Format

Send to

Choose Destination
Anesthesiology. 1994 May;80(5):992-9; discussion 27A-28A.

Sympathetic neural blockade by thoracic epidural anesthesia suppresses renin release in response to arterial hypotension.

Author information

1
Institut für Klinische Anaesthesiologie, Heinrich-Heine-Universität Düsseldorf, Germany.

Abstract

BACKGROUND:

The renin-angiotensin and vasopressin systems, in addition to the sympathetic system, are important backup mechanisms for maintaining arterial blood pressure during circulatory challenges. We tested the hypothesis that preganglionic sympathetic blockade by thoracic epidural anesthesia interferes with the functional integrity of the renin-angiotensin system.

METHODS:

Renin concentrations were assessed in awake non-sedated patients in response to induced arterial hypotension both before and during sympathetic blockade by thoracic epidural anesthesia (n = 10). Heart rate (electrocardiogram) and mean arterial blood pressure (electromanometry) were recorded continuously. Active renin (radioimmunoassay), vasopressin (radioimmunoassay), and osmolality (osmometry) in arterial blood were measured intermittently: (1) at baseline, (2) during a hypotensive challenge (15 min) induced by sodium nitroprusside (titrated to decrease mean arterial blood pressure by at least 25%) with the sympathetic system intact, (3) during recovery, (4) with epidural anesthesia alone (sensory blockade T1-T11), and (5) during a second hypotensive challenge and sympathetic blockade with sodium nitroprusside titrated to the same mean arterial blood pressure as with the sympathetic system intact.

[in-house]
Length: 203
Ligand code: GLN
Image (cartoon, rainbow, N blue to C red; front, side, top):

RESULTS:

With the sympathetic system intact hypotension almost doubled renin concentration (34 +/- 32 SD to 60 +/- 58 pg.ml-1, P = 0.019), while vasopressin concentration remained unchanged. In contrast, during sympathetic blockade and despite identical hypotension (mean arterial blood pressure 68 +/- 8 vs. 67 +/- 5 mmHg), renin concentration did not change (35 +/- 27 vs. 35 +/- 29 pg.ml-1, P = 0.5), whereas vasopressin concentration increased (4.6 +/- 2.5 to 13.4 +/- 9.4 pg.ml-1, P = 0.01). Osmolality remained unchanged.

CONCLUSION:

Our results indicate a key role of renal sympathetic fibers in mediating renin release during hypotension in humans, and that epidural anesthesia interferes with the functional integrity of the renin-angiotensin system.

[Indexed for MEDLINE]

Supplemental Content

Full text links

Icon for Silverchair Information Systems
Loading ...
Support Center